a Western blot of proteasome subunit expression from LP1 and RPMI8226 PA28α knockdown and control stable cells, β-actin as a loading control. b Real-time qPCR assay of proteasome subunits transcript levels from LP1 PA28α knockdown and control stable cells, β-actin as an endogenous control. c LP1 cells were transiently transfected with shRNA targeting PA28α or control vector, 48 h after transfection proteasome components expression were checked using western blot. d HeLa, LP1, and U266 cells were transiently transfected with Flag-PA28α vector or Flag empty vector, 48 h after transfection, cell lysates were collected, and western blot was performed to check PA28α and PSMB5 expression, β-actin as a loading control.

NRF1 is important for PA28α knockdown-induced proteasome regulation

In mammalian cells, short-term treatment with PIs induces transcriptional upregulation of proteasome synthesis mediated by nuclear factor erythroid 2-related factor 1 (NRF1 encoded by NFE2L1 also known as TCF11)-dependent proteasome recovery pathway (or proteasome bounce-back)28. In our model, we also observed increased expression of NRF1, suggesting the feedback could result from NRF1 activation (Figs. 4c and 5a). To verify the function of NRF1 in PA28α knockdown-induced proteasome regulation, we transiently transfected LP1 PA28α knockdown and control cells with NRF1 siRNA. Knockdown of NRF1 downregulated PSMB5 and PA28γ (Fig. 5b), and also enhanced cell sensitivity to bortezomib (Fig. 5c). The above data suggest that NRF1 is involved in PA28α knockdown-induced proteasome subunits regulation.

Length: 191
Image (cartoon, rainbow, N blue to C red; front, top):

Fig. 5: Silencing NRF1 reverses PA28α knockdown-induced proteasome recovery and resensitizes to bortezomib treatment.
figure 5

a Western blot analysis of NRF1 in LP1 and RPMI8226 PA28α knockdown and control stable cells. b LP1 PA28α knockdown and control stable cells were transiently transfected with NRF1 siRNA or control siRNA. 48 h after transfection, cell lysates were collected and analyzed for expression of proteasome subunits by western blot (b) or cells were treated with different concentrations of bortezomib for 24 h, MTT assay was performed to assess relative cell growth (c).

Silencing of PA28α modifies proteasome complex formation